Pension integration is the ability to allow differentiated pension benefits across earnings groups. In the academic literature, it is often described as a way for firms to reduce pension benefits (and therefore costs). Justified by the requirement that firms pay half of Social Security payments, integrated pensions are typically found to reduce benefits for lower income workers. Data on retirees from the Health and Retirement Study, however, reveal a more complex picture where some individuals receive more benefits when one of their pension plans is integrated, ceteris paribus. Some reasons are discussed why this might be the case.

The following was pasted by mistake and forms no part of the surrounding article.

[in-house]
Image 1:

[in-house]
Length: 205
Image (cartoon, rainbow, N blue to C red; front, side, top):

|Number of pages||16|
|Journal||The Quarterly Review of Economics and Finance|
|Early online date||25 Nov 2008|
|Publication status||Published - Feb 2009|
- integrated pensions
- social security
- pension benefits